The double tax avoidance agreement (DTA) between Cambodia and Malaysia came into effect on January 1, ushering in optimism and hope in the private sector that bilateral investment will garner steam.
Royal Code NS/RKM/1120/023, dated November 14, 2020, promulgated the “Law on the Approval of the Agreement between Government of Cambodia and the Government of Malaysia on the Elimination of Double Tax Avoidance”.
This is according to a January 6 press release issued by the Ministry of Economy and Finance’s General Department of Taxation (GDT).
The GDT noted that under Article 29, the law could not have come into force until domestic procedures in the two countries had been completed and an exchange of diplomatic notes had taken place.
The DTA was signed in September 2019 between minister Aun Pornmoniroth and Malaysian Minister of Foreign Affairs Saifuddin Abdullah.
Cambodia Chamber of Commerce director-general Nguon Meng Tech told The Post on January 7 that the agreement was made to prevent investors on both sides from paying income taxes on the same source of income and obliging them to pay where the profit was made.
He said: “If taxed on the Malaysian side, we won’t have to levy a tax anymore. This will ease the burden of businesspeople on both sides.”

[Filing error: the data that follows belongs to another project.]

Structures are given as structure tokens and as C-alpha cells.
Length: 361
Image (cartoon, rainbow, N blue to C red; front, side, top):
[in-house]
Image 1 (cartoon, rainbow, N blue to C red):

Meng Tech believes the DTA will help boost trade between the two countries. “This agreement is good for both parties to do business and they’ll promote it to attract people to invest in either country,” he said.
According to the Council for the Development of Cambodia (CDC), Malaysia was the fifth largest foreign investor in Cambodia in 2014-2018, bringing in $481 million.
Most of the Kingdom’s exports to Malaysia are agricultural products, while imports from Malaysia include electronic equipment and food products.
Hong Vanak, director of International Economics at the Royal Academy of Cambodia, told The Post that the DTA would further reduce the burden on consumers and suppliers between the two countries to a whole new level.
He lauded the agreement as a new milestone between the two countries, saying that the mechanism will also increase the volume of bilateral trade and the inflow of foreign investment into Cambodia.
“This is an incentive for investors as well as suppliers to prevent the tax burden from falling to consumers. With its entry into force, [the DTA] will help lower the selling price of goods in each country and will also increase the competitiveness of their products,” Vanak said.